One of the major goals of petrology is to retrieve values of the intensive parameters, such as pressure (P), temperature (T) and fluid composition, under which the major mineralogical properties of a rock were established, along with the time scales of evolution of the mineralogical properties. The basic approach in the retrieval of the intensive properties involves comparison of the mineralogical assemblages and the mineral compositions of the rock with the phase equilibrium constraints. The latter are calculated from the internally consistent thermochemical properties of the stoichiometric end members or determined in the laboratory on relatively simple systems, usually involving only the end-member phases, and then corrected for the effects of the compositional departures as observed in a specific natural assemblage. In addition, many mineral pairs (e.g. garnet and biotite) respond to changes of P–T conditions, especially temperature, by continuous ion exchange reactions, and thus register the P–T condition or P–T history of the rock in their compositions. The ion-exchange reactions are also calibrated in the laboratory on relatively simple systems, but require corrections for the effects of additional components that enter into solid solution in the minerals in natural environments. The corrections for the compositional effects rely critically on the thermodynamic mixing properties of the components in the mineral solid solutions and fluid phase which are involved in a specific reaction (e.g. Ganguly & Saxena, 1987). There has, thus, been a sustained effort over the last few decades on the determination of thermodynamic mixing properties of phases in geologically important systems.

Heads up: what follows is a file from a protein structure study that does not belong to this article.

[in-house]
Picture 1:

Figures & Tables
Solid Solutions in Silicate and Oxide Systems
The EMU book series or notes, as they are called, were introduced to provide university teachers with up-to-date reviews in important, rapidly evolving areas of mineralogy, petrology and geochemistry. They are also meant to introduce scientists into special and often interdisciplinary fields of research. In this regard, a volume on solid solutions is current and sorely needed. The solid Earth, as well as many meteorites and the other solid planets, consists for the most part of mineral solid solutions. Research on solid solutions is extremely broad encompassing work in physics and chemistry, metallurgy, materials science and, last but not least, mineralogy and petrology. Hence, because the theme is so strongly interdisciplinary in nature, the workshop was organised to include solid state physicists, physical chemists, crystallographers, mineralogists and petrologists. The various chapters reflect some of this diversity and show what mineralogy has become. Experimental investigations in mineralogy now routinely include different types of spectroscopies along with more traditional phase equilibrium, X-ray diffraction, calorimetry, and TEM methods. There have also been new and impressive developments in theory and computation. Many computational approaches relating to the study of solid solutions, for example, the Cluster Variation Method or Monte Carlo simulations, have been brought in from materials science, chemistry and physics. It can be concluded that the traditional or historical, and perhaps artificial, boundaries between the various disciplines are disappearing. Many current research efforts in mineralogy are similar to those in chemistry, materials science and physics.